People with even moderately high cholesterol levels in their 30s and 40s are more likely to have heart disease later in life, according to a new study from Duke University in Durham, North Carolina.
But many of them wouldn't meet the criteria for treatment under guidelines from the American Heart Association and the American College of Cardiology (AHA/ACC).
The researchers found that people with prolonged exposure to high cholesterol levels are at a much higher risk of cardiovascular events than people who do not have elevated cholesterol. Yet many of these people would not be candidates for treatment using the new guidelines from the American Heart Association and the American College of Cardiology (AHA/ACC) and, as a result, may fall through the cracks.
In 2013, the AHA and ACC issued new guidelines that said exercise and a healthy diet are the most important steps for preventing high cholesterol. Additionally, the guidelines expanded the group of people eligible for cholesterol-lowering statin medications.
The guidelines say statins could be beneficial for people with known heart disease; those with a "bad" LDL cholesterol level of 190 or higher; patients with type 2 diabetes between the ages of 40 and 75; and individuals ages 40 to 75 with at least a 7.5 percent risk of developing heart disease over the next 10 years, based on new risk assessment formulas.
In Canada, guidelines recommend physicians begin screening cholesterol in men at age 40 and in women at age 50 or earlier in people with certain risk factors or health conditions.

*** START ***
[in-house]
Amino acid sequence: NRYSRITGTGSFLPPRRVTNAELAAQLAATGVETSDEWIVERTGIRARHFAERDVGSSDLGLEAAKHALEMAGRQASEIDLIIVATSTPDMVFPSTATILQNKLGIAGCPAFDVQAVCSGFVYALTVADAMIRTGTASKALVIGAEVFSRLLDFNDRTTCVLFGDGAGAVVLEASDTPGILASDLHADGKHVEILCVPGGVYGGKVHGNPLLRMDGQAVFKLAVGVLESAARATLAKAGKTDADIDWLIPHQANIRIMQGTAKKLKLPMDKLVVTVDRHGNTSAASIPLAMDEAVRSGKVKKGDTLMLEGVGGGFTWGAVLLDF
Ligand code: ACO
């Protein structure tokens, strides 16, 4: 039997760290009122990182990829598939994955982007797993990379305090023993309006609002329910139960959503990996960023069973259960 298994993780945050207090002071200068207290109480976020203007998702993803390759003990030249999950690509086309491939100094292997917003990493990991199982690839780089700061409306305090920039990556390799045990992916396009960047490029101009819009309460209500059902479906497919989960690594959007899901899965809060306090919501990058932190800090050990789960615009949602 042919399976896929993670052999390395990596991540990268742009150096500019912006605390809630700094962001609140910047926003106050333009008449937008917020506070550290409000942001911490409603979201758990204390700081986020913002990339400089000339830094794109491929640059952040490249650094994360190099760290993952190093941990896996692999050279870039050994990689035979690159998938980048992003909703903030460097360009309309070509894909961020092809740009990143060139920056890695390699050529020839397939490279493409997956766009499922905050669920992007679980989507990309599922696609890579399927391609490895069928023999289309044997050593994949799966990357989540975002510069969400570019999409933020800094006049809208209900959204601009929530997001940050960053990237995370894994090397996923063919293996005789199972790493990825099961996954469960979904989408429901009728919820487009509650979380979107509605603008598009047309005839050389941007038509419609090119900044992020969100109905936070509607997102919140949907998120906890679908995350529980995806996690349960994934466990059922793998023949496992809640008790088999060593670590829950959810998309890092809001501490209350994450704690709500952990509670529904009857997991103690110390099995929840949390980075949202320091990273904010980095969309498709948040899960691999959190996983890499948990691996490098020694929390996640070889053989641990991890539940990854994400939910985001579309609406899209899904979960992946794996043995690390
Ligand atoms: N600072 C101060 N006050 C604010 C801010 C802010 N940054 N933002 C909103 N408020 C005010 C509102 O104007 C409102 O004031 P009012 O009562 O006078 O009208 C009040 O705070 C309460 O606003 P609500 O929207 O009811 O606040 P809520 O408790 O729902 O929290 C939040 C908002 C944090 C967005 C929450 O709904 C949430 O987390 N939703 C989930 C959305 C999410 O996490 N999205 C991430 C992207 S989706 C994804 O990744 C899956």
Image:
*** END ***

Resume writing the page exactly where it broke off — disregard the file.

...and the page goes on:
Canadian guidelines also state statins should be considered for people with a LDL cholesterol of 5 mmol/L or higher whose risk of risk of developing heart disease over the next 10 years is less than 10 percent (considered low risk), in people with a LDL of 3.5 mmol/L or higher whose risk of developing heart disease over the next 10 years is 10 to 19 percent (intermediate risk), and in people who are deemed high risk for developing heart disease.
“What was most interesting and slightly unexpected is that the expansion is almost entirely in the age group 60 and above,” the lead researcher said. “That left us with the question, what about younger people?”
Using data from 1,478 adults without heart disease at age 55, the researchers found that heart disease eventually developed in about 4 percent of those who always had good cholesterol levels, 8 percent of those who'd had high cholesterol for one to 10 years and 17 percent of those with high cholesterol for 11 to 20 years.
But only one in six of the people with high cholesterol would have met the recommendations for statin use at age 40. That increased to one in three people by age 50.
Cholesterol accumulates in the arteries over time; the longer you wait to treat it the more accumulation occurs.
Experts not involved with the study say the new report illustrates the concerns many cardiologists have with the new guidelines. Specifically, the guidelines have a cut off for statin use at age 40. They contend the people you want to treat are people who have long-term risk early enough in life to make a difference.
The researchers of the new study stopped short of suggesting wider statin use among younger people, because there needs to be long-term studies on its safety. Statins are not free of risks; rarely, they can cause liver or muscle problems, high blood sugar, or memory issues.
They advise younger people to get their cholesterol checked and establish a baseline. “You don’t have to attack it with statins – maybe you do after you’ve tried other things,” he added. “Statins should be the last resort. First see how much you can do with lifestyle interventions like diet and exercise.”
Source: Circulation, online January 26, 2015.
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